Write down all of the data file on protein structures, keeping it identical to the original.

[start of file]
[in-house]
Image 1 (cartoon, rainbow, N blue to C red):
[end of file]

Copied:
[in-house]
Image 1 (cartoon, rainbow, N blue to C red):